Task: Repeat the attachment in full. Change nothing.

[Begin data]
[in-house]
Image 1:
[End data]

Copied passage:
[in-house]
Image 1: